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Browse Prior Art Database

Track Monitor for Optical Disks

IP.com Disclosure Number: IPCOM000059943D
Original Publication Date: 1986-Feb-01
Included in the Prior Art Database: 2005-Mar-08
Document File: 2 page(s) / 49K

Publishing Venue

IBM

Related People

Korth, HE: AUTHOR

Abstract

In an optical disk storage, representing digital information by pits, arranged along tracks on a reflecting surface, a track sensor scans a plurality of pits, surrounding the pit being read or written, to obtain an accurate track position signal. In Fig. 1, images of pits 2 are shown projected on sensor 1 consisting of longitudinal light receptor fields (stripes) 3, whose width is about equal to half the pit width. If adjusted correctly, two adjacent stripes 3 are covered by the pit images. Every stripe is electrically connected to its third lateral neighbor by lines 6 to 8; electrical output signals then represent an average of all the pit images received by one of the three groups of photodetector stripes. The total number of pits covered should be of the order of several hundred.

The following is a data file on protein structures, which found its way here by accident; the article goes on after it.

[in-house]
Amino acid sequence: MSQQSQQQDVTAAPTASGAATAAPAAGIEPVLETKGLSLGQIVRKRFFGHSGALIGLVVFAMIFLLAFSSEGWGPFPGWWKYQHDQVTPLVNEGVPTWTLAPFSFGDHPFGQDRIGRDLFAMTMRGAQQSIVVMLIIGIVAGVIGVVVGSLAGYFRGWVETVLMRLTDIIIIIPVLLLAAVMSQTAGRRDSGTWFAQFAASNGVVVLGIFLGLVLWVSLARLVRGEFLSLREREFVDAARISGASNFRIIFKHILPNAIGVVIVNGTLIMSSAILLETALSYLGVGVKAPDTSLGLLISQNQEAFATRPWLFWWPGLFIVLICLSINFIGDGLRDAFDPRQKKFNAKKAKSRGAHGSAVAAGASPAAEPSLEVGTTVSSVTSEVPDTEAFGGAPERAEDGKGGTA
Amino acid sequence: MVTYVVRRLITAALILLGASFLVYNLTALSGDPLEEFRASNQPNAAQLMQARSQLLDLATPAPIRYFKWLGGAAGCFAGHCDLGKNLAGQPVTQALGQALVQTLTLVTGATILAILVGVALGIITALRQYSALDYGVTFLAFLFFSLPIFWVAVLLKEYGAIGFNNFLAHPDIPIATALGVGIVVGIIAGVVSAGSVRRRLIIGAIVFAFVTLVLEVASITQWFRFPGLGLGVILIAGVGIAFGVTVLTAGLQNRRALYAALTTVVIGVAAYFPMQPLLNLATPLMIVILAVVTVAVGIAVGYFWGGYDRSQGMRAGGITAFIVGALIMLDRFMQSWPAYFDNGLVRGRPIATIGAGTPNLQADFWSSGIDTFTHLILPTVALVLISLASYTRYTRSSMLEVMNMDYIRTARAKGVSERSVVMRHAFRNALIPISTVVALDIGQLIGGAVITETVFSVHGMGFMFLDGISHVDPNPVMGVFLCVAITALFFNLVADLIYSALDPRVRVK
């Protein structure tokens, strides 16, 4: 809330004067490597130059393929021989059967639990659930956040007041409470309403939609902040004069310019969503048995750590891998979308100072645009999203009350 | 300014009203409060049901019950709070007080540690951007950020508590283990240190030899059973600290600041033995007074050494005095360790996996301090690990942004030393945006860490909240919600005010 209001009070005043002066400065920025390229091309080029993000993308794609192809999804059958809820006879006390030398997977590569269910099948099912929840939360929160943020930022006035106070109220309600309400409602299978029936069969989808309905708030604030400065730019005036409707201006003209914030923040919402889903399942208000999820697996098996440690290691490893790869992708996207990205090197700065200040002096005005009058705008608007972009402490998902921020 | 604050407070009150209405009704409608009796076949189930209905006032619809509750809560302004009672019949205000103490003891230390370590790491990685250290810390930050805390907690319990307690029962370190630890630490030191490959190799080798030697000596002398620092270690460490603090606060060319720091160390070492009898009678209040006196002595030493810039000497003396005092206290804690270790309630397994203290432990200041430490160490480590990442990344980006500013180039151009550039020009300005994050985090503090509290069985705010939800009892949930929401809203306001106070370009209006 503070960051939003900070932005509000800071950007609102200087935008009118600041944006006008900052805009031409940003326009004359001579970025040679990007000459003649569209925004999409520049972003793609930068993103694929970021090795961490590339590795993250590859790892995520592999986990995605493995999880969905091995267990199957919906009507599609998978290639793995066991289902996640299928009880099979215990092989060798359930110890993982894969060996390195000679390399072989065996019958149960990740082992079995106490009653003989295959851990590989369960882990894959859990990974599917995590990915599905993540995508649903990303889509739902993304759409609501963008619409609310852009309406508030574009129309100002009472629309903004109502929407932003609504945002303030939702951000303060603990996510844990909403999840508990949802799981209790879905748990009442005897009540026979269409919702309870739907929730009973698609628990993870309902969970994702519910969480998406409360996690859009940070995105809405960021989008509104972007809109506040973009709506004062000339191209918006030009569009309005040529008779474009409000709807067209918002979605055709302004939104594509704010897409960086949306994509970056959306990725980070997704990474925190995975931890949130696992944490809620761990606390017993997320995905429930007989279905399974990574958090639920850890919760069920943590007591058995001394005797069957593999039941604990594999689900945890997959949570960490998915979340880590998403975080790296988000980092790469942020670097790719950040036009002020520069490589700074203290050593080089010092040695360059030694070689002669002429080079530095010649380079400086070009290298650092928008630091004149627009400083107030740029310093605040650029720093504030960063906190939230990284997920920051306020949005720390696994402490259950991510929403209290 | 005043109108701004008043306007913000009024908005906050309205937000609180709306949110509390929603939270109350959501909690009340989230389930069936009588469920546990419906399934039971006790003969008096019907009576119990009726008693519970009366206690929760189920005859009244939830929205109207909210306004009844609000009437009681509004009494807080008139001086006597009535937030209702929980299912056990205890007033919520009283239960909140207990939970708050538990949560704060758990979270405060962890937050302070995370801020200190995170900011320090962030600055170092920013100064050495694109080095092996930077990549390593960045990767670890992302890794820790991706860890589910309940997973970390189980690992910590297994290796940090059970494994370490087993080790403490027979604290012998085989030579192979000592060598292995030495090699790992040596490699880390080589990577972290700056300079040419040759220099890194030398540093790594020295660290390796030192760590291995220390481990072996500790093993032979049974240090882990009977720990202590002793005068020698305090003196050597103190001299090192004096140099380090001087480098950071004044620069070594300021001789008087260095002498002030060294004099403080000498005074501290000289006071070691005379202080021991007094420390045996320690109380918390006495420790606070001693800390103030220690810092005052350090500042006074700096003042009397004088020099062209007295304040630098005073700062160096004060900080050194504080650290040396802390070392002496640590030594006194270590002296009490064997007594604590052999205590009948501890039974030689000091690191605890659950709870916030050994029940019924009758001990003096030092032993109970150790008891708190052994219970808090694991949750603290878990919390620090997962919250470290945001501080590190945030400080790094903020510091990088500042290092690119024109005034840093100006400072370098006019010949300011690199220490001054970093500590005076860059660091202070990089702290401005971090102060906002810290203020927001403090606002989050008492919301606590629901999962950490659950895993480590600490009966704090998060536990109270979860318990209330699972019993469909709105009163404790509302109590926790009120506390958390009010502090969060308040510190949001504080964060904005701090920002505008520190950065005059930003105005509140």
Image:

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Track Monitor for Optical Disks

In an optical disk storage, representing digital information by pits, arranged along tracks on a reflecting surface, a track sensor scans a plurality of pits, surrounding the pit being read or written, to obtain an accurate track position signal. In Fig. 1, images of pits 2 are shown projected on sensor 1 consisting of longitudinal light receptor fields (stripes) 3, whose width is about equal to half the pit width. If adjusted correctly, two adjacent stripes 3 are covered by the pit images. Every stripe is electrically connected to its third lateral neighbor by lines 6 to 8; electrical output signals then represent an average of all the pit images received by one of the three groups of photodetector stripes. The total number of pits covered should be of the order of several hundred. In the center of the track sensor, a four-quadrant photodetector 4 is located to receive the image of the read/write light spot 5 and to provide automatic focussing. The track signal is obtained by subtracting the averaged electrical signals on lines 6 to 8; it is then fed to an appropriate track positioning control loop. In place of the symmetrical photoreceptor stripes of Fig. 1, asymmetrical configurations can be used to allow monitoring multiple track crossings. In addition, the contribution of track signals can be weighted (electrically or optically by appropriate illumination) according to their distance from the read/write track. Imaging errors may be...